With a wide range that extends from Canada to Panama, Coyotes are a successful species that figure into the history, folklore, and present-day culture of the American West. Smaller than wolves and generally larger than dogs, coyotes boast coats that vary in color from gray to yellow. Most of Arizona's coyotes sport the telltale yellow desert coats. Mature coyotes may reach a weight of about fifty pounds and may grow as tall as forty inches. They are known for their considerable agility and speed-which may reach up to forty miles per hour.
Coyote Traits and Behaviors
Typically, coyotes hunt in pairs, although it is not an uncommon sight to see them in groups. Preferring to hunt by night, many coyotes have been spotted during daylight hours as well. They prefer to range within about fifteen miles of their den and can often be found traveling along fixed routes and trails in search of prey. While they are able to build their own dens, coyotes frequently make due with the abandoned burrows of badgers or other similar creatures.
Coyotes are considered to be rather good parents; both father and mother feed the pups with regurgitated food from their hunts. After a gestation period of about sixty days, a coyote mother may give birth to a litter that may range in size from one to nineteen pups. It then takes roughly thirty-five days to completely wean them. Coyotes grow surprisingly fast and reach their full size within one year of birth. Nearly mature male pups tend to leave the pack while female pups stay behind to form the pack's nucleus.
Coyotes communicate through a series of yips, barks, and howls. While they can be heard at any time of day, it is most common to hear them around dusk when they become active. Coyotes have been known to mate with dogs, especially in states like Texas where their numbers are plentiful. Coyotes have even been known to mate with wolves, although this is a rare occurrence as wolves tend to be hostile to the smaller species.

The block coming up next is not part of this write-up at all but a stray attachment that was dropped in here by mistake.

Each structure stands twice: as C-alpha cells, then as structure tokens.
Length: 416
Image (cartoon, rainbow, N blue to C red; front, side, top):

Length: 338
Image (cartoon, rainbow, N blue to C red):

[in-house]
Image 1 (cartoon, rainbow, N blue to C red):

Habitat and Diet of Coyotes
Coyotes range throughout Arizona and are one of the state's most common wild animals. From barren mountain landscapes to the lush greenery of peopled golf courses, coyotes are easily found in Arizona, although it is far more common to hear rather than see them. They are sometimes mistaken for dogs, but coyotes sport distinctive black markings on the tip of their tails and also carry their tails lower than dogs do.
Coyotes feed on small mammals like voles, rabbits, mice, and squirrels. They have also been known to eat snakes, birds, lizards and even larger mammals like deer. While most of the coyote's diet consists of small mammals, they do eat some fruits and vegetables as well. Ideally, coyotes prefer fresh meat, but they have been known to consume carrion.
Coyotes and People
Arizona has an open hunting season on coyotes as they are listed as common predators throughout the state. Hunter must have license, however before shooting a coyote and shooting is rarely permissible within town limits. Although coyote attacks on humans have slightly increased in California, this type of behavior is rarely noted in Arizona. Most Arizonans practice a general tolerance of coyotes even though the animals are increasingly found near their homes. Coyotes pose threats to small mammals, so pet owners are advised to keep their pets safe from the prowling predators. Even large dogs may be at risk from coyotes who are the superior combatants.
Despite the nuisance that coyotes may pose for humans, they are a revered part of the natural landscape and figure deeply into the myths and stories of Arizona's colorful past.
Size: 40-46" in length, 24-36" tall
Weight: 19-25 lbs.
Diet: Primarily a carnivore, hunting and eating mostly small prey: rabbits, rodents, birds, amphibians, lizards, snakes, fish, crustaceans and insects and occasionally larger prey including elk, sheep and deer. Also carrion and some plant material: fruits and grasses.
Range: U.S. west of Appalachians including Alaska, south and west Canada and Central America
Habitat: Extremely diverse. Found in plains, mountains, desert, broken forests and tropics.
Life Span: 14-16 yrs.
Status: Common. Very adaptable to changing conditions and can survive near human habitation, eating whatever is available.
Locomotion: Wanders great distances and can sprint up to 30 mph.
Socialization: Coyotes do not form packs. Their calls are sometimes described as "human-like" talking, hollering and/or laughing.
Breeding/Reproduction: Form monogamous pairs during breeding season. Usually 5 to 10 pups are born in a den after 60-65 days gestation.